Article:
It is worthy to note that any reference to “one embodiment” or “an embodiment” means that a particular feature, structure, or characteristic described in connection with the embodiment is included in at least one embodiment. The appearances of the phrase “in one embodiment” in the specification are not necessarily all referring to the same embodiment.

Although some embodiments may be illustrated and described as comprising exemplary functional components or modules performing various operations, it can be appreciated that such components or modules may be implemented by one or more hardware components, software components, and/or combination thereof. The functional components and/or modules may be implemented, for example, by logic (e.g., instructions, data, and/or code) to be executed by a logic device (e.g., processor). Such logic may be stored internally or externally to a logic device on one or more types of computer-readable storage media.

It also is to be appreciated that the described embodiments illustrate exemplary implementations, and that the functional components and/or modules may be implemented in various other ways which are consistent with the described embodiments. Furthermore, the operations performed by such components or modules may be combined and/or separated for a given implementation and may be performed by a greater number or fewer number of components or modules.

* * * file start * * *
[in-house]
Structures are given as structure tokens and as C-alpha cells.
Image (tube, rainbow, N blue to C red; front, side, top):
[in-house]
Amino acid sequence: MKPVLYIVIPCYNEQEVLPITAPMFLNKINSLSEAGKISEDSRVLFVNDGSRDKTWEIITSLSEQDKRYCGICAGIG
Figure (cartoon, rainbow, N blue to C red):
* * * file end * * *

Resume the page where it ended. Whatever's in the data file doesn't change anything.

Unless specifically stated otherwise, it may be appreciated that terms such as “processing,” “computing,” “calculating,” “determining,” or the like, refer to the action and/or processes of a computer or computing system, or similar electronic computing device, that manipulates and/or transforms data represented as physical quantities (e.g., electronic) within registers and/or memories into other data similarly represented as physical quantities within the memories, registers or other such information storage, transmission or display devices.